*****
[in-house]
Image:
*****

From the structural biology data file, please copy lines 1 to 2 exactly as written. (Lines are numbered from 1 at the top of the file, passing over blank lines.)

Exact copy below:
[in-house]
Image: